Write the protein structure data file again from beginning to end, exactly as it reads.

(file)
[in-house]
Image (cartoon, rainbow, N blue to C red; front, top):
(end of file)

[in-house]
Image (cartoon, rainbow, N blue to C red; front, top):